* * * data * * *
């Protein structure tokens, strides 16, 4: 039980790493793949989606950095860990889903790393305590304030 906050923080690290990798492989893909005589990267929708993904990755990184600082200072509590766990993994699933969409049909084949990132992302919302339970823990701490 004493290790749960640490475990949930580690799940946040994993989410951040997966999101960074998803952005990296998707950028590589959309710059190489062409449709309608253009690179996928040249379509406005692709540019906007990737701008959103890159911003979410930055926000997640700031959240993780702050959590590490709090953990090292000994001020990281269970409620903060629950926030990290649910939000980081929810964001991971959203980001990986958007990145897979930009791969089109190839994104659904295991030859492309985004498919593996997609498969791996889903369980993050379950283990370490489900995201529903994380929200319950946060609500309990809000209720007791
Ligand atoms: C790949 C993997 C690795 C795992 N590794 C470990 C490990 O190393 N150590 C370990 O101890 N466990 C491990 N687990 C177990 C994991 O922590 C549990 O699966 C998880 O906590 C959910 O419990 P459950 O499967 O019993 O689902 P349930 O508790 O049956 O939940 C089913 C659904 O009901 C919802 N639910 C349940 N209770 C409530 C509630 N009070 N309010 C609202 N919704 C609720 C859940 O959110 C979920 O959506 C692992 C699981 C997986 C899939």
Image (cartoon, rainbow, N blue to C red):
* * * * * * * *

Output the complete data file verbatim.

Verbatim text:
């Protein structure tokens, strides 16, 4: 039980790493793949989606950095860990889903790393305590304030 906050923080690290990798492989893909005589990267929708993904990755990184600082200072509590766990993994699933969409049909084949990132992302919302339970823990701490 004493290790749960640490475990949930580690799940946040994993989410951040997966999101960074998803952005990296998707950028590589959309710059190489062409449709309608253009690179996928040249379509406005692709540019906007990737701008959103890159911003979410930055926000997640700031959240993780702050959590590490709090953990090292000994001020990281269970409620903060629950926030990290649910939000980081929810964001991971959203980001990986958007990145897979930009791969089109190839994104659904295991030859492309985004498919593996997609498969791996889903369980993050379950283990370490489900995201529903994380929200319950946060609500309990809000209720007791
Ligand atoms: C790949 C993997 C690795 C795992 N590794 C470990 C490990 O190393 N150590 C370990 O101890 N466990 C491990 N687990 C177990 C994991 O922590 C549990 O699966 C998880 O906590 C959910 O419990 P459950 O499967 O019993 O689902 P349930 O508790 O049956 O939940 C089913 C659904 O009901 C919802 N639910 C349940 N209770 C409530 C509630 N009070 N309010 C609202 N919704 C609720 C859940 O959110 C979920 O959506 C692992 C699981 C997986 C899939």
Image (cartoon, rainbow, N blue to C red):